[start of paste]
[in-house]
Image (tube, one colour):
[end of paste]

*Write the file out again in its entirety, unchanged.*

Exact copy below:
[in-house]
Image (tube, one colour):